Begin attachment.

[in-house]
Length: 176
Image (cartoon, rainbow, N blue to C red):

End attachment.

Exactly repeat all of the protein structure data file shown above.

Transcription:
[in-house]
Length: 176
Image (cartoon, rainbow, N blue to C red):